I remember my ex-husband Graham talked a lot about the need for artists to "find their mark." I think he meant by this that an artist needed to experiment with a lot of different techniques until they arrived at a "mark" that they knew was truly their own, and one that would sustain them for many years.
I've been thinking about this idea lately, and thought that a good way to demonstrate the claim might be to document Graham's painterly marks in a chronological photo-essay of cropped details from the artworks of his that I have at home.
The first two images are details from a painting called Mapusaga (1996) produced when Graham was still at art school Auckland's (Unitec). Marks made with brush and stick.
These two works are from his Mistint series (1998).
Marks made using a squeeze bottle and letting the paints bleed into each other.
Detail from Jungle Painting series (2002).
Combination of brush work, dripping and bleeding.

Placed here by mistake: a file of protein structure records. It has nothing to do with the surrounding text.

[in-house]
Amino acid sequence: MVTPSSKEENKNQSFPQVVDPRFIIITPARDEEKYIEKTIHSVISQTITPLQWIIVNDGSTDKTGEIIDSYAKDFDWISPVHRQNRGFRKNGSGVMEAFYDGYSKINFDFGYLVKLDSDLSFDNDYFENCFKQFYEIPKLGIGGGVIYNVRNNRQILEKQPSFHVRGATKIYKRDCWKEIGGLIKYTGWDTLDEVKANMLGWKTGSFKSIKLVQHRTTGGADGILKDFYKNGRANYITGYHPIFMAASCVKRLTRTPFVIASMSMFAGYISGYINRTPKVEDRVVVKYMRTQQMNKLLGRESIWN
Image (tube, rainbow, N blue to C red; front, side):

Detail from Wish Landscapes (2005).
Marks exploring the sculptural properties of paint.
Painted sculpture from The Eternals (2007)
Detail from a collage produced during Graham's Doctorate in Fine Arts (circa 2008).
Marks made with pastel and cut paper.
Detail from Lounge Room Tribalism (2010), Graham's graduate exhibition.
This is the point at which Graham found his mark.
Look at the duck figurine on the bookshelf.
Now look at it more closely and you'll see that it is made up of a few loose patches of paint.
The same is true of the books on the shelf.
Close up, they almost dissolve into abstractions.
So does the vase of flowers on the table. Gorgeous!
I've found it really interesting to document the circuitous route that Graham took in his painting from the mid-90s to 2010 - that eventually led him back to good old brushwork on canvas. In the process he found his mark (or rediscovered it at least), and the joy of that realisation is present in every painted mark he makes. At least, that's what I think anyway.
I guess the reason I've been thinking about this lately is because I wondered if the same idea about finding your mark could be applied to crafting. I've worked with many different materials and techniques over the years - I've bound books, collaged, paper engineered and hand-printed on fabric and paper. I've baked cakes and bottled fruit. I've embroidered, quilted and appliqued. I've sewn clothes, bags and cushions. But of all the crafting activities I've undertaken, nothing has given me more pleasure than making my own felt.
I think that maybe, just maybe, I have finally found my mark!